So how to do it? Bishop suggests dismantling costumes, instruments and so on, storing the pieces and exhibiting filmed footage of the artefact in its natural setting.

Miami-based US historian Steve Stuempfle, who has written a history of the steelband, in an e-mail response, said the biggest challenge in creating any museum of Carnival is sheer volume. “Comprehensive documentation means audio and visual recording of an event with multiple activities happening simultaneously. Plus, to really understand Carnival, it is necessary to document the preparations for the festival in the mas camps and panyards, as well as the seasonal activities in the calypso tents and fetes. An archive or exhibition can only be as good as the initial documentation.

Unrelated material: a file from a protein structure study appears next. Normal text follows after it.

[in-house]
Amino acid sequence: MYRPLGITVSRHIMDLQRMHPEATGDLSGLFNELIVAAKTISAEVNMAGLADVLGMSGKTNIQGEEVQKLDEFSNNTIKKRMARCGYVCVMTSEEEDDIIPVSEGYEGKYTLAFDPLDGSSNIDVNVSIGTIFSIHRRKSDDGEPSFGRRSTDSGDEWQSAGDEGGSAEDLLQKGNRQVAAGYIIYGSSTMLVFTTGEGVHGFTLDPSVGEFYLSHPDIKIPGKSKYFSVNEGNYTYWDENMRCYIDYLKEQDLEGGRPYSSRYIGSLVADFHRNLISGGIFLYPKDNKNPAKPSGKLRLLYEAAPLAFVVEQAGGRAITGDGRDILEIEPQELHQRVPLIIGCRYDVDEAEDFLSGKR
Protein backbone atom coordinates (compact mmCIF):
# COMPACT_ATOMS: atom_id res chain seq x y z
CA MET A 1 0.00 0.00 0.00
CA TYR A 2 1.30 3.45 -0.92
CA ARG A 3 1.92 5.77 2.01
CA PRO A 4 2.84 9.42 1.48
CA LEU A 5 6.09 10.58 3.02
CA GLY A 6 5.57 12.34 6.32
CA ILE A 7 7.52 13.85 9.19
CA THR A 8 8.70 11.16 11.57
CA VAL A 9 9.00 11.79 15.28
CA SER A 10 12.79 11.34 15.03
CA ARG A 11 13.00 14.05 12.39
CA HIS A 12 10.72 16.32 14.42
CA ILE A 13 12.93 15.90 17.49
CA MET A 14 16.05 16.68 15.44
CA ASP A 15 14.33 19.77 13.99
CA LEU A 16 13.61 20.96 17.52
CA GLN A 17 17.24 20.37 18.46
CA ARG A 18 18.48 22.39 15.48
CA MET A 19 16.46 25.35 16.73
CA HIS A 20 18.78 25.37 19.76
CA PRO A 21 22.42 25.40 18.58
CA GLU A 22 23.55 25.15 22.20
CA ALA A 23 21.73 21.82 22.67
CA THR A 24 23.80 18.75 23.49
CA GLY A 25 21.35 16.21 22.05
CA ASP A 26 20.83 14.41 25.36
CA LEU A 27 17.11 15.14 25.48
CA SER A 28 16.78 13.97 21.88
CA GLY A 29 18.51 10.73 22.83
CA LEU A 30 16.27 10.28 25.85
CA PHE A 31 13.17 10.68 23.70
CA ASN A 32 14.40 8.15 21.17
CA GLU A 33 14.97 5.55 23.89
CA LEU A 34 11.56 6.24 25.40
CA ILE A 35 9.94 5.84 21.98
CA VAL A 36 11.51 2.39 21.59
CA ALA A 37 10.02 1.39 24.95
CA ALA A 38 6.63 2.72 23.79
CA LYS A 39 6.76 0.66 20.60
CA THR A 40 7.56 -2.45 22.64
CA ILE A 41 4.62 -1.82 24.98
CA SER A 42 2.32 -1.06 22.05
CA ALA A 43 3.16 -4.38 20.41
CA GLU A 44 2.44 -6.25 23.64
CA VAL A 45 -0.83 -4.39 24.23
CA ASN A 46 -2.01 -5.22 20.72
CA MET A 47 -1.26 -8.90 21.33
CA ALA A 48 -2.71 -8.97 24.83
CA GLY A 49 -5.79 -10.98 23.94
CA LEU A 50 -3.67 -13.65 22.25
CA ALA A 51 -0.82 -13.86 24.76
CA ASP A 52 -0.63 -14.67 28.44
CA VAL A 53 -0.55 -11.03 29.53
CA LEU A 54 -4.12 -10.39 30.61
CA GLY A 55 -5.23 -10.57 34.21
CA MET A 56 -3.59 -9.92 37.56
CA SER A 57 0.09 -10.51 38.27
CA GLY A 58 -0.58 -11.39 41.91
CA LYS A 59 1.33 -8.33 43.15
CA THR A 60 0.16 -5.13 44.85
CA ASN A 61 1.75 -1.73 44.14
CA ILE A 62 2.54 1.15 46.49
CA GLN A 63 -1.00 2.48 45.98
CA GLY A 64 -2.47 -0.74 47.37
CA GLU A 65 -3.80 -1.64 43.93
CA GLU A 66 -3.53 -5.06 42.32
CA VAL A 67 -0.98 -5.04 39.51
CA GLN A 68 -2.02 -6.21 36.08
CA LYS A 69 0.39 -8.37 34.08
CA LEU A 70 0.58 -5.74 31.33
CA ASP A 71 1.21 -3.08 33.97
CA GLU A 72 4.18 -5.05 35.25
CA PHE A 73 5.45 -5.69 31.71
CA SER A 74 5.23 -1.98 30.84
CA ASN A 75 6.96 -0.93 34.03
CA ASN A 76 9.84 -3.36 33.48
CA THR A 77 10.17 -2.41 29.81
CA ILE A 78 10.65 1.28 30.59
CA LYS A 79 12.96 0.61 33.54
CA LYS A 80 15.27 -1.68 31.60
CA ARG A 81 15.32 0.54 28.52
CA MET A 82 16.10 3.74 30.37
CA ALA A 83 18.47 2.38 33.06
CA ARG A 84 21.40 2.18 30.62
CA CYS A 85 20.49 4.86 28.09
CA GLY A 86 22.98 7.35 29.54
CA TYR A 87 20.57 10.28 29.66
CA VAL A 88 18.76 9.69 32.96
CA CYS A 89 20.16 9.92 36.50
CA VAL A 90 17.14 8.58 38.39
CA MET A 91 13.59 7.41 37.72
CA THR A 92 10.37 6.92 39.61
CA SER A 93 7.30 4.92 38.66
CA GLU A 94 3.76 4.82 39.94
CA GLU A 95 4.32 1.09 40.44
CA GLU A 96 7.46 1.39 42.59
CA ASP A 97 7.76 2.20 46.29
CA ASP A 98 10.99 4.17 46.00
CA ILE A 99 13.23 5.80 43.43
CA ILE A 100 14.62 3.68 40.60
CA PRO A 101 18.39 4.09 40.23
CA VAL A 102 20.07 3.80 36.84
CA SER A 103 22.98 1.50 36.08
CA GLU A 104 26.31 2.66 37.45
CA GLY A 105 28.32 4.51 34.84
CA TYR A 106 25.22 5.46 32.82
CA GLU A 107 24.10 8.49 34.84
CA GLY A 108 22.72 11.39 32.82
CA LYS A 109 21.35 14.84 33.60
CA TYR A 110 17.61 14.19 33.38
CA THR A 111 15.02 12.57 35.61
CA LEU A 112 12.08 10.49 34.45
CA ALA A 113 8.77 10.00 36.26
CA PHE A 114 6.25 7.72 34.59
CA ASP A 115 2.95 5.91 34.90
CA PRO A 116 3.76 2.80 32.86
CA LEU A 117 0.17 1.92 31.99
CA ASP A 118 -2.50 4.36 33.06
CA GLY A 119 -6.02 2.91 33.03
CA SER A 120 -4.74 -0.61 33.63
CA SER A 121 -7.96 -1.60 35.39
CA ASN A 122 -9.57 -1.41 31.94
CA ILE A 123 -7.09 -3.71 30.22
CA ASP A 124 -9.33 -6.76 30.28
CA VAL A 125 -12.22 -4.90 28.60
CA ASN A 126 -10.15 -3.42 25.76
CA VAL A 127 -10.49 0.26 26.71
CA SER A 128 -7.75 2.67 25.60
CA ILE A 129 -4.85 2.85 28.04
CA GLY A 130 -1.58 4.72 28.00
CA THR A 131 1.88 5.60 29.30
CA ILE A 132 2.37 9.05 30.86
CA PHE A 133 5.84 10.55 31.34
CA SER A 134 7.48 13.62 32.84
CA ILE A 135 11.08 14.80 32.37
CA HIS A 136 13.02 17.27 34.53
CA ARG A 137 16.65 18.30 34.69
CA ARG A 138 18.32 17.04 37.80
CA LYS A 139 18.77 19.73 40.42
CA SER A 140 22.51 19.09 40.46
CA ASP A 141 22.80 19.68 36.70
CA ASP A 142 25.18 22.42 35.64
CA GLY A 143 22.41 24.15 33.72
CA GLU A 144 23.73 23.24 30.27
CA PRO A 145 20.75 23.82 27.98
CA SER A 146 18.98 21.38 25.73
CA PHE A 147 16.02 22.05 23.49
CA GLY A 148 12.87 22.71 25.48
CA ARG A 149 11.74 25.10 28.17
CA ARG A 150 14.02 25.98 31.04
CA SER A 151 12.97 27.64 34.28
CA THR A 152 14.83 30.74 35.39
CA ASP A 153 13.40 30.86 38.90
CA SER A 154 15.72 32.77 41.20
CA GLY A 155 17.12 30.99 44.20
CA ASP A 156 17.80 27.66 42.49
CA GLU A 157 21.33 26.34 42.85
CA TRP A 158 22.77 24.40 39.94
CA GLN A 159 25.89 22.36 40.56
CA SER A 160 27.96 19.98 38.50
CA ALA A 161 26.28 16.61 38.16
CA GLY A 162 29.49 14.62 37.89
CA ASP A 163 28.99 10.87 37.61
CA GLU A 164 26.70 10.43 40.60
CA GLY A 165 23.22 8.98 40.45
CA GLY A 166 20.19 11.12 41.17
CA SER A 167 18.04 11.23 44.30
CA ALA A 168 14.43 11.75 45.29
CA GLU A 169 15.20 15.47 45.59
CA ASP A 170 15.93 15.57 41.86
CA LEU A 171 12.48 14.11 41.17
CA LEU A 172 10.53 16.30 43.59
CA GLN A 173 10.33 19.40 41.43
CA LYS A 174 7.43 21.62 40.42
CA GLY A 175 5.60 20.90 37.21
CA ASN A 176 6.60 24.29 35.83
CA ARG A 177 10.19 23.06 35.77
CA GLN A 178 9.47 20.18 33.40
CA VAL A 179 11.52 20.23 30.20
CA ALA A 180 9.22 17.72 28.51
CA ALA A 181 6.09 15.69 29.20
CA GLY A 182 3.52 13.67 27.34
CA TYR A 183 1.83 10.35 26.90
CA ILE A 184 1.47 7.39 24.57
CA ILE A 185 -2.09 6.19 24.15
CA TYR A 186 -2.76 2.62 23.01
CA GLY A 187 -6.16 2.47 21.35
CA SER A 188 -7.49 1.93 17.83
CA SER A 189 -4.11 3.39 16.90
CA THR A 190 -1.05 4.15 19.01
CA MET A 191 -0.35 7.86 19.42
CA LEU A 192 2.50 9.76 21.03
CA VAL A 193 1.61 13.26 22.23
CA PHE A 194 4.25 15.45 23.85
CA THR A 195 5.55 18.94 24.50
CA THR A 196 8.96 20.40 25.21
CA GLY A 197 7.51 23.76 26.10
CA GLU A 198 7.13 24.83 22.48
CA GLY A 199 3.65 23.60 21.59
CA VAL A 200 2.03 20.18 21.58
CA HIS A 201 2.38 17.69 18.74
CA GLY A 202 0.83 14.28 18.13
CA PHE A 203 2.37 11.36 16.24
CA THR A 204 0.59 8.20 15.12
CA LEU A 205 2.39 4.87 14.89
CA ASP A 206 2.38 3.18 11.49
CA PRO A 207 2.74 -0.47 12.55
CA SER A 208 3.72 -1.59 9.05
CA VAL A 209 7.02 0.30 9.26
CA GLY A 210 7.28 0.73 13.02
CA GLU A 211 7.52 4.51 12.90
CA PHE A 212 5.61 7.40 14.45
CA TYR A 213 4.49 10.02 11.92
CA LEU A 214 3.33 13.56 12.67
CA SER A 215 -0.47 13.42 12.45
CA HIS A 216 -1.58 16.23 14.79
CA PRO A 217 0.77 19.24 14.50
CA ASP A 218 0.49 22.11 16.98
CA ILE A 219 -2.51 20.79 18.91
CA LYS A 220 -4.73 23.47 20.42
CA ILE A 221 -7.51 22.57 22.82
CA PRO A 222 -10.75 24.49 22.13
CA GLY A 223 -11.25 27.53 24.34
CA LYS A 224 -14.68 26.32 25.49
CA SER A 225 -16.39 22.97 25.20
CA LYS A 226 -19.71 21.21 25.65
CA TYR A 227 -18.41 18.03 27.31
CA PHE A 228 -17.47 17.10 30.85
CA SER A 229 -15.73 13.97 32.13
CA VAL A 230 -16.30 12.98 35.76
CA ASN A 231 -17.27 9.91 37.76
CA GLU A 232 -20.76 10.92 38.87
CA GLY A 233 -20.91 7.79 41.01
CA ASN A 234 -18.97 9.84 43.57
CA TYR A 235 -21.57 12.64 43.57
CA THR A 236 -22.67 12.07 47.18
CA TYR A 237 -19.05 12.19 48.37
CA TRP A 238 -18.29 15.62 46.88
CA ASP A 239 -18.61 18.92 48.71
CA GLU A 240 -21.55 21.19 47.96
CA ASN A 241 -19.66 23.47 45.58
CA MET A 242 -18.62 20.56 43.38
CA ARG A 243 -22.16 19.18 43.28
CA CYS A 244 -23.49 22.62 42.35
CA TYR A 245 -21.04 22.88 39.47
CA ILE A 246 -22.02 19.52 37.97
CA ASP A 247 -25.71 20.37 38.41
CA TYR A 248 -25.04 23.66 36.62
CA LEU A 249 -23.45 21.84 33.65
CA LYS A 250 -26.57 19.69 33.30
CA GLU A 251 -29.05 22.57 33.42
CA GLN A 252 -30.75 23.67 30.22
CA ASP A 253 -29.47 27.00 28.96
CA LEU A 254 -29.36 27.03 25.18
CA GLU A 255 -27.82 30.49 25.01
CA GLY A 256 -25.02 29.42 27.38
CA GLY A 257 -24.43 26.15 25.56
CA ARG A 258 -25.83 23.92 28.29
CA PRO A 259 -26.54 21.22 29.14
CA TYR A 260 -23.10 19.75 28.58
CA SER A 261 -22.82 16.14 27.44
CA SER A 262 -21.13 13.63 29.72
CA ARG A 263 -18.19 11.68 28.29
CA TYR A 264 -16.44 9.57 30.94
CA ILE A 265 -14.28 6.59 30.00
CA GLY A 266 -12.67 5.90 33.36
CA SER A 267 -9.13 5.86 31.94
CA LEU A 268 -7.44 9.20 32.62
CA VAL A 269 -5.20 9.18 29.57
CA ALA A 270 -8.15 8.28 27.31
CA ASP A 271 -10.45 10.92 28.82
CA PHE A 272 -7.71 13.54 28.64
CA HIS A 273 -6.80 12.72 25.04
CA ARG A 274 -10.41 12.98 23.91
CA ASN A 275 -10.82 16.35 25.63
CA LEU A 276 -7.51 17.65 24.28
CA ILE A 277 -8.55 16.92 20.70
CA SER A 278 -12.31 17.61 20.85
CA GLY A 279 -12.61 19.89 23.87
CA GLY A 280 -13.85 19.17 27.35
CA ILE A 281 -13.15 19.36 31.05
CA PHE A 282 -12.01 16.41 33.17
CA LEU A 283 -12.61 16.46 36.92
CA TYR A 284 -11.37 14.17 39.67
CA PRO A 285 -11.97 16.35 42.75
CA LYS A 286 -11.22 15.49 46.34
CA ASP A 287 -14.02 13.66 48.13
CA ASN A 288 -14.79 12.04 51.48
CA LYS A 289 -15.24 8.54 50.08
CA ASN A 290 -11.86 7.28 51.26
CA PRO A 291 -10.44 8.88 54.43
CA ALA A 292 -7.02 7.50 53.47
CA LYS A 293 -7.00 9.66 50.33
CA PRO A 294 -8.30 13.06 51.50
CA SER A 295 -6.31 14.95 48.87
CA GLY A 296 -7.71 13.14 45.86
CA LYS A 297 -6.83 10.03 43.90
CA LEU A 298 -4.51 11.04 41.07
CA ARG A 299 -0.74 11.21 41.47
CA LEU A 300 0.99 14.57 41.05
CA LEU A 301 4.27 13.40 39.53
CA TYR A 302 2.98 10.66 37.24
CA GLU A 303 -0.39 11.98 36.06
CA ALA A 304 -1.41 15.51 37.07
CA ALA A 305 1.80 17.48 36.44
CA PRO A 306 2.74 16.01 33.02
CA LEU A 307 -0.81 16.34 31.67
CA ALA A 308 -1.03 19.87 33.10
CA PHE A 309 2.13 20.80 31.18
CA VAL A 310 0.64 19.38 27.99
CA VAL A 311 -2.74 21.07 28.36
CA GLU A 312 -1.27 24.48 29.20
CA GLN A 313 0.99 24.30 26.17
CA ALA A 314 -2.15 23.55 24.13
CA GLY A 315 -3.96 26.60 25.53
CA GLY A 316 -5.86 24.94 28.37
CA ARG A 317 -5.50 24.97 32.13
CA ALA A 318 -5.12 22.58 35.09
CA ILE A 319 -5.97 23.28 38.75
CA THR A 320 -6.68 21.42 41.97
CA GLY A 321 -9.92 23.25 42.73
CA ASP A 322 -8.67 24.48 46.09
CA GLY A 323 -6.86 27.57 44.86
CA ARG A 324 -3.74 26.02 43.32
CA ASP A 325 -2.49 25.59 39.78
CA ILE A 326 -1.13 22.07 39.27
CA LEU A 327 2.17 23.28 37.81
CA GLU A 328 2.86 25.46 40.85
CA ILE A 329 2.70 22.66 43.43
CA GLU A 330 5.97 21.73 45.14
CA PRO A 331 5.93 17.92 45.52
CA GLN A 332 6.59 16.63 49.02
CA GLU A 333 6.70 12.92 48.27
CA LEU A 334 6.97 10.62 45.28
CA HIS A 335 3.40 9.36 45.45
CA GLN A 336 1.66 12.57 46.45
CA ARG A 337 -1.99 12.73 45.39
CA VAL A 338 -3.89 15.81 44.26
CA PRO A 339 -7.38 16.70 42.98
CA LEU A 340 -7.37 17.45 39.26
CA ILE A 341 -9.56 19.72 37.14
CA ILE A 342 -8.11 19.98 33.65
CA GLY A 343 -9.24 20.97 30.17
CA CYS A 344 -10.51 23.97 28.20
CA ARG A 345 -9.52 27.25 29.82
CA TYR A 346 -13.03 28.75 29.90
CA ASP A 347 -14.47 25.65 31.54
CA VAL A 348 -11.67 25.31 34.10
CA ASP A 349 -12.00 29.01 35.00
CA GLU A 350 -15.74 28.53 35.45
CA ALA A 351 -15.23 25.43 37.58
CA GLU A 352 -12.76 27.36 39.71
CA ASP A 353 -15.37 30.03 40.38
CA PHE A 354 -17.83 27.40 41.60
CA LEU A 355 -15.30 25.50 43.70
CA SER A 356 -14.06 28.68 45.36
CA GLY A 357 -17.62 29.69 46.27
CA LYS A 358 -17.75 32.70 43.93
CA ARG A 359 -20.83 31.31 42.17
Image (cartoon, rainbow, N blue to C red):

“Then there is the problem of the artefacts. Though pans, for example, are quite durable, most costumes are fragile. Thus, they are hard to preserve long-term in a museum collection and often difficult to display in an exhibition.”

US calypso researcher Ray Funk, also interviewed via e-mail, voiced a similar sentiment. “Finding the materials, getting access to them, preservation—refrigeration, storage” are some of the challenges, he said. “There are many things that apparently have disappeared over the years or have been destroyed.” Digitising materials is key to any Carnival archive, he said. It makes it easier to put them together in a display, such as the virtual one at www.floridamemory.com/collections/folklife. “Here you can get CDs, access digital archives, hear audio, video, hear podcasts, educational units—you need to get the archives out to the public in as many ways possible.”